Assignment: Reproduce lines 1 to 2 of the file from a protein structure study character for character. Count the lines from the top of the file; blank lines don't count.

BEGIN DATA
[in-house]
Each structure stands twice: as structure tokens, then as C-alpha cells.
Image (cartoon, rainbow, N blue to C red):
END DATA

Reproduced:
[in-house]
Each structure stands twice: as structure tokens, then as C-alpha cells.